Teaching --- Methodology --- Talks---Real Statistics --- Statistical Computing

- Winter 2010: BIOST 518 Applied Biostatistics II (4) Multiple regression for continuous, discrete, and right censored response variables, including dummy variables, transformations, and interactions. Introduction to regression with correlated outcome data. Model and case diagnostics. Computer assignments using real data and standard statistical computer packages. Prerequisite: BIOST 517 or permission of instructor.
- Spring 2010: BIOST/STAT/CSSS 529 Sample Survey Techniques. This will be similar to last year's course

**Sparse correlation**
Marginal models for sparsely correlated data. Marginal generalised linear
models are often easier to interpret than conditional ones (especially for
binary data). In order to use them for time series, spatial data and data
with crossed random effects we need valid standard error estimates. You
can get code for R, S-PLUS or Stata for some of
these estimators.

Greater precision should come from weighted estimation that takes advantage of simple models for the correlation structure, but still uses model-free variance estimators to protect the validity of inference. This is very similar to MQL; the main advance is being able to do it without inverting or storing big matrices.

I'm also interested in empirical process theory and semiparametrics for dependent data, but as Barbie famously said "Math Is Hard".

**Indirect comparisons**. Suppose you compare A to B and B
to C. What can you conclude about A vs C? I've been looking at two
aspects of this. The first is meta-analysis of clinical trials taking into
account indirect as well as direct comparisons. The hard part is getting
the estimation to fail when it should. A worked
example of this network meta-analysis is now available. The second
aspect is the question
of when two-sample tests are transitive. For the t-test, if the
t-statistic comparing A and B and the t-statistic comparing B and C are
both positive the t-statistic comparing A and C is also positive. For the
Wilcoxon test this need not happen. The problem is to characterize the
transitive two-sample tests.

**Source apportionment** Given multivariate time series of
chemical or size composition of air pollution particles, the source
apportionment problem is to work out how much of the pollution comes from
which source. There are a number of methods, but the statistical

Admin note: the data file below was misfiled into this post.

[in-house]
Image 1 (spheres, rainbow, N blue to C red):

properties of all of them are unknown.

- I've given several talks recently about indirect comparisons in clinical trials and about the related issue of non-transitivity of two-sample tests. A representative set of slides is from a seminar at Vanderbilt
- Slides from WNAR 2007 about survey calibration estimators and their relationship to semiparametric models for coarsened data.
- Slides about the R survey package (also see its homepage).
- A two-day short course in R.
- New Zealand/Australia Dec 2009 Biometric Society conference and visits to Auckland and Sydney.

i.e., stuff with live data. A bit of particulate air pollution stuff as above, and at the Northwest Center for Particulate Matter and Health. I also work at the Cardiovascular Health Study, a big study of the risk factors for cardiovascular disease in older people, and at the Cardiovascular Health Research Unit, which is interested in drug-gene interactions and related topics.

**This is mostly ****Free (open-source) software**

XLISP-Stat has nice dynamic graphics and is quite fast. It is allegedly
dead, but that
doesn't make it any less useful.

I have an implementation of Generalised Estimating Equation models for XLISP-Stat. It includes diagnostic plots and a wide range of link, variance and correlation options. I even have documentation for it. If you think I should be implementing random intercept models instead, then see why I disagree . There's also Cox regression

R is a
free interpreter for a dialect of the S language. The initial system
came from Ross Ihaka and Robert Gentleman in Auckland, but now has a core
development team of about a dozen people spread across the world (including me). It is available for
Windows and for Unix systems from the Comprehensive R
Archive network.

One of my main projects in R is a package for complex survey analysis. It's fairly general, but of course is a bit slow, especially if you don't have enough memory.

Another project is a system for implementing and evaluating anomaly detection algorithms in syndromic surveillance.

I have a few thoughts on cryptography here.

Other things I have worked on can be deduced from my cv

Teaching --- Methodology--- Talks ---Real Statistics --- Statistical Computing

Thomas Lumley